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Mon, Jul

Los Angeles' Rainy-Day Fund: A Cushion for Fiscal Mismanagement or True Emergencies?

LA WATCHDOG

LA WATCHDOG - A Reserve Fund or rainy-day fund is for emergencies such as an earthquake, pandemic, a terrorist strike, or other unanticipated event that shuts the City down. But in the case of the City of Los Angeles, the Reserve Fund is used by our fiscally irresponsible City Council and Mayor to cover deficits caused by budget busting labor agreements and the reliance on overly optimistic revenue projections. 

The City has established a financial policy for the Reserve Fund of maintaining a balance of at least 5% of General Fund Revenues.  On the other hand, City Administrative Officer has a more realistic goal equal to 10% of General Fund Revenues, in large part because of turmoil caused by the Great Recession when the balance slipped to below 4%.  

According to the Third Financial Status Report issued by the City Administrative Officer, the Reserve Fund had a balance in March of almost $500 million, an amount equal to 6.2% of this year’s General Fund revenue of $7.9 billion.  This is after raiding the Reserve Fund for $136 million in July to balance the budget, $100 million of transfers to fund an assortment of operating expenses, and an additional $87 million to cover mid-year shortfalls.   

Without these transfers of $325 million, the Reserve Fund would have a balance of more than $800 million, exceeding the 10% goal of the City Administrative Officer.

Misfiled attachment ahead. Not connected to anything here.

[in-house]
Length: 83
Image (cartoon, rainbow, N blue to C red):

The Reserve Fund will also be called upon to help fund this year’s expected operating deficit of around $300 million caused by over expenditures of $100 million and lower than planned revenues of $200 million.  This will reduce the Reserve Fund balance to around $200 million, or 2.5% of General Fund Revenues. 

Unfortunately, the City is looking at a “budget gap” of $700 million next year, caused by budget busting labor agreements ($350-$400 million) and a revenue shortfall ($340 million).  While the City will attempt to cure this deficit by eliminating over 2,000 vacant positions, implementing a hiring freeze, cutting department budgets and staffing, tapping all or a portion of the $200 million Budget Stabilization Fund, and risk utilizing the Measure ULA tax money, these sources may not be sufficient to cover the deficit.  Therefore, the City may have to rely on the already depleted Reserve Fund.   

Going forward, the City needs to establish a fully funded (10-15%) Reserve Fund through a ballot measure that would allow the City Council and the Mayor to use these funds only in the case of a real emergency.  At the same time, the City should establish an Operating Reserve to cover budget shortfalls, but not those caused by budget busting labor agreements. 

As for today, the City Council and Mayor appear to be oblivious to the risks of having an underfunded Reserve Fund.  But just imagine the chaos if we had a Northridge like earthquake or a terrorist attack on the butane and propane tanks at the Port and did not have the necessary resources to respond. 

(Jack Humphreville writes LA Watchdog for CityWatch. He is the President of the DWP Advocacy Committee, the Budget and DWP representative for the Greater Wilshire Neighborhood Council, and a Neighborhood Council Budget Advocate.  He can be reached at:  [email protected].)

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